Oculus inventor's startup takes on military drone work Google gave up, report says

Palmer Luckey's new company, Anduril, seems to be filling a void after Google didn't renew its Project Maven contract with the Pentagon.

Katie Collins Senior European Correspondent
Katie a UK-based news reporter and features writer. Officially, she is CNET's European correspondent, covering tech policy and Big Tech in the EU and UK. Unofficially, she serves as CNET's Taylor Swift correspondent. You can also find her writing about tech for good, ethics and human rights, the climate crisis, robots, travel and digital culture. She was once described a "living synth" by London's Evening Standard for having a microchip injected into her hand.
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Palmer Luckey has said he's concerned the US military is falling behind in terms of technology.

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Oculus founder Palmer Luckey's new company has won a contract with the Pentagon to work on a military project focused on AI and drones , according to The Intercept.

Luckey founded military tech company Anduril Industries in 2017 after he was let go from Facebook, which bought  Oculus  in 2014. Anduril has already been building border surveillance tech that helps the US government catch people trying to illegally cross the border from Mexico. But The Intercept reported Saturday that the Pentagon also contracted the company late last year to work on a drone project.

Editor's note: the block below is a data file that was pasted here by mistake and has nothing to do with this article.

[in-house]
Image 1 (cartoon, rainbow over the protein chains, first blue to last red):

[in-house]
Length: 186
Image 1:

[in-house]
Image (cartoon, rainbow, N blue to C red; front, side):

For Project Maven, The Intercept reported, Anduril is developing software that can scour hours of drone footage to identify people, separating them from their environments. It's effectively replacing the laborious process of military personnel manually scanning footage.

If the name Project Maven sounds familiar, that's because Google previously worked on the program. The company chose not to renew its Project Maven contract with the Pentagon after 3,000 employees reportedly signed a petition and a dozen quit in protest.

For many Silicon Valley tech giants, doing work on military projects -- particularly on weapons development -- has proved contentious, sparking moral and ethical dilemmas. Google has said it will still work with the Pentagon but not on weapons projects. Last month, Microsoft refused to honor calls by employees to end a HoloLens project it was working on with the US military following outrage from employees.

Luckey has a different attitude. In November, Luckey said tech companies shouldn't try to dictate military policy or deny the military vital tools. He said he's concerned that the US is falling behind and could lose the next war if tech companies don't step up.

It's a viewpoint he reiterated in a tweet last week, saying that "technological abstinence is not realistic or ethical."

An Anduril spokeswoman said she couldn't comment on any contracts the company might have.

Watch this: See the uncanny virtual humans Oculus is working on

Originally published at 6:12 a.m. PT.
Updated at 10:22 a.m. PT: Added background on Luckey.
Correction: March 26. 3:42 a.m PT: An earlier version of this article mistakenly stated that Microsoft did end its HoloLens project following calls by employees to do so.